“We’re getting to know each other in a completely different way,” McDonald explained to about working with her husband. “We’re learning who we are in the creative process. It’s a new experience to get to know someone you think you already know so well, but in a different light.”

“Because I’ve never really worked up a show with Audra I feel like I’m learning things about her that I had no idea about. We’ve been together for years and years. You think you know somebody pretty intimately but there’s this huge part of Audra that I haven’t ever really got to experience,” Swenson told The Huffington Post. “It’s been thrilling actually because … I say this not just because she’s my wife … but it’s been amazing. I feel like I’m learning something every day the way that she is this truth-seeking missile who will absolutely mine a moment within an inch of its life to find the truthfulness in it and the way that that has a ripple effect throughout the coming moments,” he continued. “I’m just learning a lot from working with her.”


Written by Nobel laureate Eugene O’Neill, A Moon for the Misbegotten is a semi-sequel to the playwright’s seminal work, Long Day’s Journey into Night (which will be returning to Broadwaythis March with Jessica Lange, Gabriel Byrne, Michael Shannon and John Gallagher, Jr.). In the play, Long Day’s Journey character Jamie Tyrone (Swenson) is older but as self-destructive and dissolute as ever. He’s the landlord of a Connecticut farm and is allegedly preparing to sell the property out from under its tenants, Phil Hogan (in a riveting performance by Glynn Turman) and his daughter, Josie (McDonald). When the Hogans become aware of Tyrone’s plans, they concoct a scheme for Josie to seduce Tyrone and blackmail him into selling the farm to them for the significantly lower price that he once promised them. But as Josie kicks their plan into action, she and Tyrone embark on a harrowing journey through the course of one night that exposes their innermost darkest truths, fragile desires, and haunting pasts. Will they achieve the redemption they seek by the time dawn comes? Or are these two souls too damaged to be repaired?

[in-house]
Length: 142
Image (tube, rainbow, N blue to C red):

Ripe with meaty monologues and gritty character unraveling, the play provides for an incredible actor’s showcase for both McDonald and Swenson. Unsurprisingly, their chemistry is palpable, and both are excellent in their layered portrayals of these tortured individuals who somehow find temporary solace and peace in one another’s arms.